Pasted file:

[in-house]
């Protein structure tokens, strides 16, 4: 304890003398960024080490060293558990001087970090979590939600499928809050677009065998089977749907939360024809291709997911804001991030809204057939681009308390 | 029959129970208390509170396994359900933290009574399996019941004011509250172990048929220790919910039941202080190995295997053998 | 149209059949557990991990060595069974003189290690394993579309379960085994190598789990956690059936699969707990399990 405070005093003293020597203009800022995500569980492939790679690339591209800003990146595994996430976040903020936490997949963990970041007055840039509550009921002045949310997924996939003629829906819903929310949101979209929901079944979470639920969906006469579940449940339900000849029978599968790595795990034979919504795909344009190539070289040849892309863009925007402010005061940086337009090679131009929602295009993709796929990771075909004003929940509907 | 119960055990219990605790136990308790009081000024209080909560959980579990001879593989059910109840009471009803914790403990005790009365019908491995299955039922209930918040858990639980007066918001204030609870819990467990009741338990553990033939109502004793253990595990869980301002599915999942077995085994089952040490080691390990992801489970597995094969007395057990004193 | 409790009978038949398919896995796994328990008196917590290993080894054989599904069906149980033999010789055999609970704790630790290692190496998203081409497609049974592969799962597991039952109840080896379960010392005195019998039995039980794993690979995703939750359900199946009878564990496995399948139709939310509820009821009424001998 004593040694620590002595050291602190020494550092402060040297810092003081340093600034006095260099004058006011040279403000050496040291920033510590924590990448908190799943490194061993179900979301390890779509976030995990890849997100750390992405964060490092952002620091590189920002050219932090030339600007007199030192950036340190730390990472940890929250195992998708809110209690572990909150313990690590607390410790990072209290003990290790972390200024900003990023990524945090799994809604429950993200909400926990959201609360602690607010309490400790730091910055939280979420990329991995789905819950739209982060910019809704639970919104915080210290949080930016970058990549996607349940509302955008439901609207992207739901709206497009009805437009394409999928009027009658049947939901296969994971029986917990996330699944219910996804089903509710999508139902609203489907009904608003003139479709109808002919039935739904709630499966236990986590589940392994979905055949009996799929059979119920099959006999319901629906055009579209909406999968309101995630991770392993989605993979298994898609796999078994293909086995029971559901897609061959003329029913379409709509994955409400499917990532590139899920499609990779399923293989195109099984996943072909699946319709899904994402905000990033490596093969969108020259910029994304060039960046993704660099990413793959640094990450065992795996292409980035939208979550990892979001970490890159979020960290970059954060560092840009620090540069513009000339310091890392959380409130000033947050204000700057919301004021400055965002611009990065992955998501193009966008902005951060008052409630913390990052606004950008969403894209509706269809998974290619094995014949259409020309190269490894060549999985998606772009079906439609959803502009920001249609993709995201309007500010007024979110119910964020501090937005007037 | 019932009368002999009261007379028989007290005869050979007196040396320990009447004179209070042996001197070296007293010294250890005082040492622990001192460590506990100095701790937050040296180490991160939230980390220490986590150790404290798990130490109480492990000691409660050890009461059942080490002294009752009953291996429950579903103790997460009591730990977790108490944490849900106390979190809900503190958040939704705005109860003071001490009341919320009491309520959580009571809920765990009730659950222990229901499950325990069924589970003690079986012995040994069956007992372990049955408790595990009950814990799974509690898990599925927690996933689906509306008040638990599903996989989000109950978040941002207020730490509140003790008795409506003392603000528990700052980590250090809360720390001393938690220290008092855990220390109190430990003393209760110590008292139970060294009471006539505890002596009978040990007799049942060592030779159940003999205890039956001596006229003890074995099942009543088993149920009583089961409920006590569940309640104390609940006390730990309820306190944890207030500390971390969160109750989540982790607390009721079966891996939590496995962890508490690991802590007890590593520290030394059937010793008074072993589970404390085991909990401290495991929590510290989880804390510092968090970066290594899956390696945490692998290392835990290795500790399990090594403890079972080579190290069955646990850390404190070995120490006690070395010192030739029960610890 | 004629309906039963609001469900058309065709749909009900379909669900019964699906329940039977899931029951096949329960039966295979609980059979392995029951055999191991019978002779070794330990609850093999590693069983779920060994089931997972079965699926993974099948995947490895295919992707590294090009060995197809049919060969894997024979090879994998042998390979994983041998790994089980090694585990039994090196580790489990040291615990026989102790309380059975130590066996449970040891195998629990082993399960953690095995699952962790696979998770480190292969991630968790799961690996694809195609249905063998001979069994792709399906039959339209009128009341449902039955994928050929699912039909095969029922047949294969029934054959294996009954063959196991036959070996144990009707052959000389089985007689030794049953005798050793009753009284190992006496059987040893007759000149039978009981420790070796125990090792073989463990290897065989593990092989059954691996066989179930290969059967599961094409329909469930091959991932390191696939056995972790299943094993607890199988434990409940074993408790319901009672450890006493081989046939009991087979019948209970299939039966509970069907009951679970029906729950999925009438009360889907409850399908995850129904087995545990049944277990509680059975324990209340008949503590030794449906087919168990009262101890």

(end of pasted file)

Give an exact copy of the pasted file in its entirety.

[in-house]
């Protein structure tokens, strides 16, 4: 304890003398960024080490060293558990001087970090979590939600499928809050677009065998089977749907939360024809291709997911804001991030809204057939681009308390 | 029959129970208390509170396994359900933290009574399996019941004011509250172990048929220790919910039941202080190995295997053998 | 149209059949557990991990060595069974003189290690394993579309379960085994190598789990956690059936699969707990399990 405070005093003293020597203009800022995500569980492939790679690339591209800003990146595994996430976040903020936490997949963990970041007055840039509550009921002045949310997924996939003629829906819903929310949101979209929901079944979470639920969906006469579940449940339900000849029978599968790595795990034979919504795909344009190539070289040849892309863009925007402010005061940086337009090679131009929602295009993709796929990771075909004003929940509907 | 119960055990219990605790136990308790009081000024209080909560959980579990001879593989059910109840009471009803914790403990005790009365019908491995299955039922209930918040858990639980007066918001204030609870819990467990009741338990553990033939109502004793253990595990869980301002599915999942077995085994089952040490080691390990992801489970597995094969007395057990004193 | 409790009978038949398919896995796994328990008196917590290993080894054989599904069906149980033999010789055999609970704790630790290692190496998203081409497609049974592969799962597991039952109840080896379960010392005195019998039995039980794993690979995703939750359900199946009878564990496995399948139709939310509820009821009424001998 004593040694620590002595050291602190020494550092402060040297810092003081340093600034006095260099004058006011040279403000050496040291920033510590924590990448908190799943490194061993179900979301390890779509976030995990890849997100750390992405964060490092952002620091590189920002050219932090030339600007007199030192950036340190730390990472940890929250195992998708809110209690572990909150313990690590607390410790990072209290003990290790972390200024900003990023990524945090799994809604429950993200909400926990959201609360602690607010309490400790730091910055939280979420990329991995789905819950739209982060910019809704639970919104915080210290949080930016970058990549996607349940509302955008439901609207992207739901709206497009009805437009394409999928009027009658049947939901296969994971029986917990996330699944219910996804089903509710999508139902609203489907009904608003003139479709109808002919039935739904709630499966236990986590589940392994979905055949009996799929059979119920099959006999319901629906055009579209909406999968309101995630991770392993989605993979298994898609796999078994293909086995029971559901897609061959003329029913379409709509994955409400499917990532590139899920499609990779399923293989195109099984996943072909699946319709899904994402905000990033490596093969969108020259910029994304060039960046993704660099990413793959640094990450065992795996292409980035939208979550990892979001970490890159979020960290970059954060560092840009620090540069513009000339310091890392959380409130000033947050204000700057919301004021400055965002611009990065992955998501193009966008902005951060008052409630913390990052606004950008969403894209509706269809998974290619094995014949259409020309190269490894060549999985998606772009079906439609959803502009920001249609993709995201309007500010007024979110119910964020501090937005007037 | 019932009368002999009261007379028989007290005869050979007196040396320990009447004179209070042996001197070296007293010294250890005082040492622990001192460590506990100095701790937050040296180490991160939230980390220490986590150790404290798990130490109480492990000691409660050890009461059942080490002294009752009953291996429950579903103790997460009591730990977790108490944490849900106390979190809900503190958040939704705005109860003071001490009341919320009491309520959580009571809920765990009730659950222990229901499950325990069924589970003690079986012995040994069956007992372990049955408790595990009950814990799974509690898990599925927690996933689906509306008040638990599903996989989000109950978040941002207020730490509140003790008795409506003392603000528990700052980590250090809360720390001393938690220290008092855990220390109190430990003393209760110590008292139970060294009471006539505890002596009978040990007799049942060592030779159940003999205890039956001596006229003890074995099942009543088993149920009583089961409920006590569940309640104390609940006390730990309820306190944890207030500390971390969160109750989540982790607390009721079966891996939590496995962890508490690991802590007890590593520290030394059937010793008074072993589970404390085991909990401290495991929590510290989880804390510092968090970066290594899956390696945490692998290392835990290795500790399990090594403890079972080579190290069955646990850390404190070995120490006690070395010192030739029960610890 | 004629309906039963609001469900058309065709749909009900379909669900019964699906329940039977899931029951096949329960039966295979609980059979392995029951055999191991019978002779070794330990609850093999590693069983779920060994089931997972079965699926993974099948995947490895295919992707590294090009060995197809049919060969894997024979090879994998042998390979994983041998790994089980090694585990039994090196580790489990040291615990026989102790309380059975130590066996449970040891195998629990082993399960953690095995699952962790696979998770480190292969991630968790799961690996694809195609249905063998001979069994792709399906039959339209009128009341449902039955994928050929699912039909095969029922047949294969029934054959294996009954063959196991036959070996144990009707052959000389089985007689030794049953005798050793009753009284190992006496059987040893007759000149039978009981420790070796125990090792073989463990290897065989593990092989059954691996066989179930290969059967599961094409329909469930091959991932390191696939056995972790299943094993607890199988434990409940074993408790319901009672450890006493081989046939009991087979019948209970299939039966509970069907009951679970029906729950999925009438009360889907409850399908995850129904087995545990049944277990509680059975324990209340008949503590030794449906087919168990009262101890």